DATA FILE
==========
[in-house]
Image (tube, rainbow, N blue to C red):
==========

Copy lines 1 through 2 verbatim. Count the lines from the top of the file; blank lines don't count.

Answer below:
[in-house]
Image (tube, rainbow, N blue to C red):